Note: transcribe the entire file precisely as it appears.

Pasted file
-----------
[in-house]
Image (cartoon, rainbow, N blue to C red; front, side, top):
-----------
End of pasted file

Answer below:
[in-house]
Image (cartoon, rainbow, N blue to C red; front, side, top):